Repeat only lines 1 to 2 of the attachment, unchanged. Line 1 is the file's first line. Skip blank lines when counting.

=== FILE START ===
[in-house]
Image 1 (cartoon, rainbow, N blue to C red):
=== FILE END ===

[in-house]
Image 1 (cartoon, rainbow, N blue to C red):